In 2022, NHA embarked on its Preservation and Redevelopment Initiative (PRI), a 10-15 year plan to comprehensively address capital needs at all its properties. As part of the plan, NHA is repositioning its federal public housing at Seabeds Way, Captain Robert Cook Drive, and High Rock Estates. Repositioning means that these properties will transition from being funded as public housing to being funded by Section 8 project-based vouchers (PBVs). The higher operating income generated by the PBVs will enhance NHA’s ability to implement the Redevelopment of Linden Street. The repositioning of the federal properties will free up NHA “Faircloth Authority,” which is the ability to create new PBVs. Some of those new PBVs are anticipated for use as part of the Redevelopment of Linden Street. 

In April 2024, NHA decided to pursue an alternate path for repositioning at Seabeds and Cook (Section 22 streamlined conversion) that can move forward without the need for scarce tax-exempt bonds from the State. The Linden Street and Seabeds-Cook projects will not be competing with each other for funding.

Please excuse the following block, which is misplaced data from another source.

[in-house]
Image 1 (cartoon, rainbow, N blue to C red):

1. What is the nature of the zoning relief NHA is hoping to achieve for the project?

NHA is seeking zoning approval for the Redevelopment of Linden and Chambers Streets via a Town Meeting vote on zoning warrant articles in May 2024, which would create a new “Affordable Housing District.” Zoning relief is not being sought via a Chapter 40(b) comprehensive permit. 

The Linden Street development is located in a Single Residence B (SRB) zoning district, while the Chambers Street development is located in the General Residence (GR) zoning district. Both Districts have similar use and dimensional standards that do not permit a multifamily, 4-story development. The existing Linden and Chambers Streets developments are preexisting non-conforming uses that were built pursuant to variances that were granted between 1957 and 1971.